Published by mipp. I played this on android.
The Short: A little rough around the edges but charming overall.
Recommended if you like sterile work environments, Monsters Inc.
Description: Mipp seems to be a good company. I really enjoy most of their game offerings even though LaboEscape is a little on the dopey side. Fade in on a sterile laboratory where you, presumably, have just come out of stasis. Scare up some standard tools like screw drivers, jump drives and employee directories to facilitate your escape from your unseen captors. The high note of this game is the adorable “scare” about half way through. Monsters get loose in the lab. They’re hella cute.
Puzzling quality is pretty average or maybe even slightly below average in this game. There’s very little cascade and most of the objects you retrieve will strongly indicate what you need to do to solve puzzles. There’s very little left to mystery in this jumpy, boxy game and, in terms of aesthetics, Design Netherworld just about covers it. You could definitely do worse than Monster LaboEscape but, for your sake, I hope you want to do better.
Difficulty Elements: low cascade | readily apparent puzzle arrays | straightforward interfaces | no Absurdity | typical solves
Published by hozdesign. I played this on android.
The Short: You wake up in a blank room with four, color coded chairs. If you can figure out what the heck is going on, you’re in for a real treat.
Recommended if you like feeling taunted by pedestrian objects
Description: I have had a lot to say about hozdesign over this past year. Most of their games really disappoint me. But now I can say that in addition to G.R.E.E.N., I also really like Chairs.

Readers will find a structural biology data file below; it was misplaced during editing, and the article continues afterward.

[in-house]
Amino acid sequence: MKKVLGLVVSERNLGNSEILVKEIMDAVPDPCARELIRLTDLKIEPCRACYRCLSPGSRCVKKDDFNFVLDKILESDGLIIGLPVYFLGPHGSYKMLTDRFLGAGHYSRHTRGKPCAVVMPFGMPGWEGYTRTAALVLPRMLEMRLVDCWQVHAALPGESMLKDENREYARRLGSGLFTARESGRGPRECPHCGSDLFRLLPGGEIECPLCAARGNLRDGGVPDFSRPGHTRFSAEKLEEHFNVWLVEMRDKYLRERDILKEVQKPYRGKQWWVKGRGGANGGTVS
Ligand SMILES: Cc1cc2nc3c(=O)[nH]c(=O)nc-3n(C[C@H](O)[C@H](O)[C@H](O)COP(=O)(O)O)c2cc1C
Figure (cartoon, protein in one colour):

Hozdesign has a talent for creating uncanny spaces. They populate their worlds with very common objects but subvert the meaning of those objects by expecting you to use them in bizarre and unexpected ways. They also create very streamlined spaces that are simplistic but in a cheeky way as if to say — while jabbing you in the rib cage — “The solution is so simple. Haven’t you figured it out by now?”
Chairs is funny, challenging and an outstanding brain teaser as escape games go. There’s a tipping point of madness in this game when you will almost certainly feel insane, staring at four blank walls and four high-backed chairs wondering what you’re missing. Still, this game manages to avoid becoming “Beyond Hard” by constraining the number of codices the player is expected to keep in their mind’s eye. Still, you may need to resort to brute force trial and error with your Items if you want to defeat the chairs.
I will say that in my version, I encountered a pretty ridiculous glitch that forced me to start over. I kept collecting colored tiles and they kept disappearing. For a long time I thought this was part of the game but it wasn’t. It was a total glitch. Starting over once fixed it 100%.
Difficulty Elements: great cascade | both readily apparent & invisible puzzle arrays | esoteric interfaces | some Absurdity | unique solves | tricky ending